What is the future of immigrant relations in Arizona?
Posted Jul 27 2010 12:00am
Arizona’s controversial new immigration law is set to go into effect this Thursday. In short, the law requires that police officers determine the immigration status of individuals who are stopped, detained, or arrested when there is reasonable suspicion that they are in the country illegally. The law also makes it a misdemeanor for legal immigrants to not carry immigration papers. Fearing possible harassment by police and wrongful detention, many legal and illegal immigrants have fled the state since the announcement of the impending law. How might dwindling numbers of immigrants in Arizona impact immigrant relations in the state?
Research in the behavioral sciences has repeatedly shown that to achieve peace between conflicting groups, intergroup contact is necessary. Without frequent intergroup contact, unfounded prejudices often form about members of stigmatized groups. Based on this research, we might expect that fewer immigrants in Arizona will provide fewer opportunities for contact between immigrants and natural born citizens, and consequently, more unfounded prejudices about immigrants. Indeed, research by Ulrich Wagner and colleagues (2008) provides evidence for this prediction. They looked at how the proportion of ethnic minorities in a region affects opportunities for intergroup contact, and how frequency of intergroup contact affects prejudice. Using East and West German samples, they found that lower levels of prejudice in West Germany could be explained by the larger numbers of ethnic minorities in the region, which allowed for increased intergroup contact.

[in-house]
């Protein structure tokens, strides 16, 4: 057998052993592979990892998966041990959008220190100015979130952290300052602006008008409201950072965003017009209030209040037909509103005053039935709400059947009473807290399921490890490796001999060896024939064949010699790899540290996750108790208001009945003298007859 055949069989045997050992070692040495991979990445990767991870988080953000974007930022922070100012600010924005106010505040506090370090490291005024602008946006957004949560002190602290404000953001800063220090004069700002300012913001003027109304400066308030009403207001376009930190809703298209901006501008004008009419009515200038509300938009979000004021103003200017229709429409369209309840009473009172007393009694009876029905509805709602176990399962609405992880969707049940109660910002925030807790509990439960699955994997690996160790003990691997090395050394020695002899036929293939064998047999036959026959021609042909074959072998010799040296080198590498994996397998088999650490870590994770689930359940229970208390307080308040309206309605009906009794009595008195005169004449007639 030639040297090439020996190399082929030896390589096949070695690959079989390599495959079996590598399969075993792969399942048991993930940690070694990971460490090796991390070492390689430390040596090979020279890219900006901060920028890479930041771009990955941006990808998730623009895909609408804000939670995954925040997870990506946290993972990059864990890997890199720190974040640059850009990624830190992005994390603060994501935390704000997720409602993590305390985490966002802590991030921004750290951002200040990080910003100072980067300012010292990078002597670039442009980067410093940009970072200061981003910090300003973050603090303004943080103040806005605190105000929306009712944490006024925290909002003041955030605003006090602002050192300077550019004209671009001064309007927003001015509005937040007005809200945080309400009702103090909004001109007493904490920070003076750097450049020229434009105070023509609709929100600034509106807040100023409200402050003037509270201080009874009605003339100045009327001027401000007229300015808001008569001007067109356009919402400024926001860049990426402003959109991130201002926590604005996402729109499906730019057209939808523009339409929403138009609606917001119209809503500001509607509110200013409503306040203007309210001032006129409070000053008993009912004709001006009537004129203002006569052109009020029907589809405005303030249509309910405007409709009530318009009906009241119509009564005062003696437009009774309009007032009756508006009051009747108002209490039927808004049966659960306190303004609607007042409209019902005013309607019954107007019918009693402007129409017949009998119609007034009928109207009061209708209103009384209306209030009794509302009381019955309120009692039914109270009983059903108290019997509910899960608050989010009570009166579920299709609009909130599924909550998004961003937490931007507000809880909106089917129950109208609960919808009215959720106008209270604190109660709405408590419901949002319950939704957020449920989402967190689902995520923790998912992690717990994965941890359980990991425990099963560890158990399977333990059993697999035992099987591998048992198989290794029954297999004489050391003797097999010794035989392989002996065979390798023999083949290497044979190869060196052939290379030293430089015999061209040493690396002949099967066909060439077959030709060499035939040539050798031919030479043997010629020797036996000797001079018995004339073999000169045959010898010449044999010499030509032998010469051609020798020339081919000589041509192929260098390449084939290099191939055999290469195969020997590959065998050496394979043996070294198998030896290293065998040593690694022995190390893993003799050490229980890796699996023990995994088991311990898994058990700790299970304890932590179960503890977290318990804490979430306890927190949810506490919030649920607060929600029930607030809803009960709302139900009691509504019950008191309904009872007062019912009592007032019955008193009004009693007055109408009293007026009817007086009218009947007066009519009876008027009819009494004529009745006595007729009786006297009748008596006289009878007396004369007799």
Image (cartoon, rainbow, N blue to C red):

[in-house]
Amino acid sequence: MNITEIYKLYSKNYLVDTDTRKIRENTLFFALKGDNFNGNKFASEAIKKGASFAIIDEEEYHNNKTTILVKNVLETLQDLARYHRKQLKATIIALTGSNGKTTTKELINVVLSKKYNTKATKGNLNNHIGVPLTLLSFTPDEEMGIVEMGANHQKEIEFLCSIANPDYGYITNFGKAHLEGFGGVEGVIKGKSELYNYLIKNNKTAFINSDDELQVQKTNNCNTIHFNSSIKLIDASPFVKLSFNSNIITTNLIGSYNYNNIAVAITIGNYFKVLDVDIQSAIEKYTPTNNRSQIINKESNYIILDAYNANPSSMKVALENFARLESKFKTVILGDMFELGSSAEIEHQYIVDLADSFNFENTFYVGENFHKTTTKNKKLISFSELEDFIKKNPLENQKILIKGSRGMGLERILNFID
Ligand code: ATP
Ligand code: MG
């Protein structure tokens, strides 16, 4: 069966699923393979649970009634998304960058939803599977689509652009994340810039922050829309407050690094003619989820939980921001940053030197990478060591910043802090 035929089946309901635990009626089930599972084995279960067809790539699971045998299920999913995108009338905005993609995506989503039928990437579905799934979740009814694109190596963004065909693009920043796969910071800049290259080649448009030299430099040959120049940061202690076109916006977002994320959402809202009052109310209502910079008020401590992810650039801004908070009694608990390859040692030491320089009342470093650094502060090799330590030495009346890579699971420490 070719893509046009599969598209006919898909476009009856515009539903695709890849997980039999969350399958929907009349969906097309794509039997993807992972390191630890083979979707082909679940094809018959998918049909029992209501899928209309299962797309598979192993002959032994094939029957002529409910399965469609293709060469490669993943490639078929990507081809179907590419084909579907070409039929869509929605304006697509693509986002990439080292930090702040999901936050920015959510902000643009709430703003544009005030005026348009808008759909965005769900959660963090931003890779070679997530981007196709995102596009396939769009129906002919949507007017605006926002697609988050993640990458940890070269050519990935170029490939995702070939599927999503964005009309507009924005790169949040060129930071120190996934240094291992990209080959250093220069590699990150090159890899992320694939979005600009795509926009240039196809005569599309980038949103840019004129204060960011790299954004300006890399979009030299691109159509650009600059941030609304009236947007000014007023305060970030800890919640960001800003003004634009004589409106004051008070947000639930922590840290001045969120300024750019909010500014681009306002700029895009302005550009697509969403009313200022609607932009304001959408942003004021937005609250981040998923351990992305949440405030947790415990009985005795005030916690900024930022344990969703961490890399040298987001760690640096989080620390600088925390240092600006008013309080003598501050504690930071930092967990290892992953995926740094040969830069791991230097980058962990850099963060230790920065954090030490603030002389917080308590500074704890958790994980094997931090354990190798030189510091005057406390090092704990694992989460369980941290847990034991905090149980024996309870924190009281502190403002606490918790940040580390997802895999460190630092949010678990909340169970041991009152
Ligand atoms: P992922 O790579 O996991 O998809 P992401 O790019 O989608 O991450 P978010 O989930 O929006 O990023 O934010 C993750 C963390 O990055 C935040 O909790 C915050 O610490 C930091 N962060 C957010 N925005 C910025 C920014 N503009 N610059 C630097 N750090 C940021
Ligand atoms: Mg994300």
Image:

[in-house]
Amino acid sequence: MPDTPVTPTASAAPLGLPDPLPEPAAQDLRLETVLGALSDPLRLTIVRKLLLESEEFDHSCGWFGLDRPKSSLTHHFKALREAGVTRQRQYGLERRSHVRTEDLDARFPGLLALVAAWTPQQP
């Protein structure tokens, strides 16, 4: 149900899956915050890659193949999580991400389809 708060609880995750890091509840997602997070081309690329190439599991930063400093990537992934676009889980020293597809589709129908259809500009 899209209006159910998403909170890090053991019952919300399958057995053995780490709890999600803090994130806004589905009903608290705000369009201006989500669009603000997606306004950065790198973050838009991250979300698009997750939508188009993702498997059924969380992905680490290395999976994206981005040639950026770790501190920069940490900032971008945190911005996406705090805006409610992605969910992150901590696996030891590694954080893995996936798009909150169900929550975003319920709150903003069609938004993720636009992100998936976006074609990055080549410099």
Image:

Will Arizona’s new law be effective in its primary purpose of driving out illegal immigrants? It probably already has, but not without costs for immigrant relations in the state as legal and illegal immigrants flee the region.
Hispanics flee Arizona ahead of immigration law
Wagner, U., Christ, O., Wolf, H., van Dick, R., Stellmacher, J., Schlüter, E., & Zick, A. Social and political context effects on intergroup contact and intergroup attitudes. In U. Wagner, L.R. Tropp, G. Finchilescu, & C. Tredoux (Eds.), Improving intergroup relations: Building on the legacy of Thomas F. Pettigrew (pp. 195-209). Malden, MA: Blackwell Publishing.